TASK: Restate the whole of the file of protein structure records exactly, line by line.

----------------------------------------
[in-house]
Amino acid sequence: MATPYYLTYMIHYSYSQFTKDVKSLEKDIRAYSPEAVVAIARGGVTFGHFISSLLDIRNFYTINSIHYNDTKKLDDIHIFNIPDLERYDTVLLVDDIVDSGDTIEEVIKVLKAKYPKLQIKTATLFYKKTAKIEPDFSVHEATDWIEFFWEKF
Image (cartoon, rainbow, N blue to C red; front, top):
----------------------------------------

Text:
[in-house]
Amino acid sequence: MATPYYLTYMIHYSYSQFTKDVKSLEKDIRAYSPEAVVAIARGGVTFGHFISSLLDIRNFYTINSIHYNDTKKLDDIHIFNIPDLERYDTVLLVDDIVDSGDTIEEVIKVLKAKYPKLQIKTATLFYKKTAKIEPDFSVHEATDWIEFFWEKF
Image (cartoon, rainbow, N blue to C red; front, top):